US Exported Natural Gas Could Worsen Climate Change

Graphic by Annabel Driussi for ODP

By Natasha Lasky, ODP Contributing Writer

While natural gas has been touted as a solution to the world’s fossil fuel problem, a new analysis by NRDC shows that the U.S’ exports of liquified natural gas (LNG) will only worsen global warming. When looking at the full life cycle emissions of different energy sources, U.S. LNG led to higher emissions than regional sources of LNG, pipeline gas, solar or wind power, and led only to slightly lower emissions than the use of coal.  This question is a live one for several LNG export terminals that are in the process of being approved today, including a controversial one near Philadelphia that is about to be given the go-ahead over the objection of many community groups.

Why this Matters:  It seems increasingly clear that new natural gas infrastructure is controversial. Cities are taking action to ban natural gas from new buildings, and chefs are advertising the utility of electric stoves, but more must be done. The waste and pollution from LNG production, as well as the exorbitant sunk costs for LNG export facilities, are problematic too.  The federal government must under President Biden give these new permits a harder look with more transparency than in the past, and crackdown on the polluters just as promised. Otherwise, we are just digging a deeper climate hole for ourselves.

What’s the problem with exported LNG?

The process of creating and exporting LNG is not energy efficient — liquefaction, tanker transport, and regasification of LNG fuels increase emissions. As such, the United States’ expanding LNG export industry would mean that by 2030 the domestic emissions from the U.S. LNG industry would produce the same emissions as 45 million gas cars, not including the emissions that come from actually burning the gas. “Taken together that means nearly half of the emissions for LNG over a 100-year timeline – 44%, according to this new analysis – come from production, processing and transport,” the NRDC said in a press release.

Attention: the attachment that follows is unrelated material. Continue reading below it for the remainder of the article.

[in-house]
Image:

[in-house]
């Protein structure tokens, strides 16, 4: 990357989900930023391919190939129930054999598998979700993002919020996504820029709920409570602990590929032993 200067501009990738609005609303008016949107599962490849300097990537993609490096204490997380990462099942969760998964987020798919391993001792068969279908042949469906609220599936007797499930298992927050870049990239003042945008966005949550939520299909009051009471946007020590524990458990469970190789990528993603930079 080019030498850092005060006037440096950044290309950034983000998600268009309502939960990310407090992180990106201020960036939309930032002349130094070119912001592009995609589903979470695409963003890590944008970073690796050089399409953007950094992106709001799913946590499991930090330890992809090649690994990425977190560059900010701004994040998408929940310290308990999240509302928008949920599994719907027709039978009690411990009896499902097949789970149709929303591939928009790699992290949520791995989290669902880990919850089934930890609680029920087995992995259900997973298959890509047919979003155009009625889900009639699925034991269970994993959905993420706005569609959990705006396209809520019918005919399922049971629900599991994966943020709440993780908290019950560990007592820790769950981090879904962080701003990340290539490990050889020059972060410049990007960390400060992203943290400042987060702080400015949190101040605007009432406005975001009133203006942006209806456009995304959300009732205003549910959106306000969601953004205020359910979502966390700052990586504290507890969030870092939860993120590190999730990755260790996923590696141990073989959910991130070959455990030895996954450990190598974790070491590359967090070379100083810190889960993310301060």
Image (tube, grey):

“Exports of LNG, far from being a `bridge fuel’ away from dirtier fossil fuels as the gas industry claims, will make it more difficult for both the U.S. and importing countries to reduce greenhouse gas emissions. In fact, locking in this fossil fuel for the coming decades could make it impossible to limit global warming to 1.5 degrees Celsius,” said Tina Swanson, director of the Science Center at NRDC and co-author of the report.

Drilling, transporting, and processing LNG cause higher amounts of methane to escape into the atmosphere. Some of these methane leaks are accidental, but energy companies also purposefully flare (burn) or vent (directly release) excess natural gas that hasn’t been liquefied. More U.S. gas and oil producers are flaring than ever — in 2019, more gas was wasted in two oil fields than was consumed annually by homes in 23 states combinedBecause of these drawbacks to LNG, some countries have began to reevaluate decisions to import natural gas from the United States. France, for example, blocked a $7 billion, 20-year agreement to import U.S. natural gas out of environmental concerns. 

The Philadelphia Terminal

Take the Philadelphia Terminal that is about to be approved at the state level in what environmental advocates call a less-than-transparent process. The proposed facility will be built on a former explosives plant that is PCB-contaminated. To get fracked gas produced near Scranton to the site, it will be transported by rail or truck through densely populated parts of the Philadelphia region, then loaded on ships bound for markets abroad — an untested system. Environmental and community groups argued so far to no avail, that the permitting process at the federal and state level was rushed and that the project will have “substantial negative impacts on the Delaware River, its water quality, its habitats, and the species that live in and depend on the River, Estuary and Bay.”


The NRDC recommends that “moving forward, FERC and DOE should acknowledge the relevance of these emissions, clearly outline which emissions fall within the purview of each agency, and capitalize on the remarkable brainpower of FERC and DOE staff to develop a test to evaluate those emissions’ significance on the environment and consistency with the public interest.”

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